So I've recently got an email client set up with an encryption plugin, but I'm not sure what's happening behind the scenes.

What I haven't been able to find anywhere online is what is the standard way to encrypt emails? Do I encrypt with my private key, then your public key? The other way around? Do I encrypt with your public key, then sign with my private key? There's so many different options, and I can't seem to find what people consider the 'standard'.

While setting up the plugin, it automatically detects my keys stored with GPA and associates those with email addresses. I can also import keys from keyservers for contacts. However, if I email someone that I don't have a public key for, it warns me and wants me to download their public key before proceeding, so I know that it is using it in the encryption process.

If I were to encrypt a message by hand, ie using GPA, what steps would I need to take?

  • 1
    $\begingroup$ Related to your last line question If I were to encrypt a message by hand, ie using GPA, what steps would I need to take? That’s – from a cryptographic point of view – described in this related answer. Yet, if you’re looking to learn what commands to issue using specific software (terminal or gui) Super User would be the right site as that would be off-topic here. $\endgroup$
    – e-sushi
    Commented Jan 29, 2017 at 21:31
  • $\begingroup$ "Do I encrypt with your public key, then sign with my private key?" - that's the way to go. As for the operation, you read the manual find out how to do the above and do the above. $\endgroup$
    – SEJPM
    Commented Jan 29, 2017 at 21:43
  • $\begingroup$ @SEJPM Callas would say: From a crypto aspect, you encrypt to a public key… (emphasis mine) ;) $\endgroup$
    – e-sushi
    Commented Jan 29, 2017 at 21:45
  • $\begingroup$ @e-sushi Interesting. I tried to find a previous answer but somehow didn't find that one. $\endgroup$
    – Aurelius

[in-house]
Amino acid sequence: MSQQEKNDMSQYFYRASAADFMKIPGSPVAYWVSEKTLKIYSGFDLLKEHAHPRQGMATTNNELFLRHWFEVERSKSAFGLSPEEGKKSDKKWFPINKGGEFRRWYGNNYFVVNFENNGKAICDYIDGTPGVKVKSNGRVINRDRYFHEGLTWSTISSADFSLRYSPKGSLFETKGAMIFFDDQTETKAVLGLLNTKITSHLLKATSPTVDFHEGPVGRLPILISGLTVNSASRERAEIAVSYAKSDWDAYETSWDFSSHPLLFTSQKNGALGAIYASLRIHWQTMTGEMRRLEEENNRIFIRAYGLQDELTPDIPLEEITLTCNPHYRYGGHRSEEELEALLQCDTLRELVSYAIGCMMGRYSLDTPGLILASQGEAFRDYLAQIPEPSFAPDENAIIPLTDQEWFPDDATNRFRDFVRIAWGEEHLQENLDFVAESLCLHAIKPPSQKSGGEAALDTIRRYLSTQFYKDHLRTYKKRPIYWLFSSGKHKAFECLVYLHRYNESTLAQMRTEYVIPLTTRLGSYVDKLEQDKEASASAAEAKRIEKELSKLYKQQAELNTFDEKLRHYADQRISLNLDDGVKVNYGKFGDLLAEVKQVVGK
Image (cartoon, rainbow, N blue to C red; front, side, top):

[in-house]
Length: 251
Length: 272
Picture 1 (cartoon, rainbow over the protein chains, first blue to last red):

Commented Jan 29, 2017 at 22:47

1 Answer 1


Step 1: Generate your key pair

First you would generate your OpenPGP key pair e.g. with gnupg. The key generation format of pgp keys is complex, but you should know that the key pair consists of a public key, which is used by the sender to encrypt for the recipient(you) and the private key, which is used by the recipient to decrypt the message.

Step 2: Share your public key and collect public keys

In the next step a sender needs the public key of every recipient. To do this step, you can give your public key to the other person using an usb stick or you upload it to a public key server.

You also collect the public keys of users you want to send encrypted mails to.

Step 3: Encrypt and send message

You write your message and encrypt it for the recipients. You might also sign the message, which guarantees that the recipient can verify that the message has been created by you. After the encryption you send the message to the recipients.

Step 4: Decrypt message and verify signature

If you recieve a message you decrypt it and if the message is signed, you verify the signature to be sure the message is sent by the sender to whom you have the public key.

Overview: Encryption process

If you encrypt a symmetric session key is generated. With this session key your message is encrypted. After the message encryption is completed you encrypt the session key with the public key of the recipient. After that you can optionally create a hash of the encrypted message and sign this hash with your private key, this is called a signature. After these things are done the message gets saved in the OpenPGP format.


This is a simplified answer, which does not exactly match all details of openPGP e.g. there is an encryption key pair and a signing keykey pair, but it should give you a general overview about how hybrid encryption works and openPGP works.


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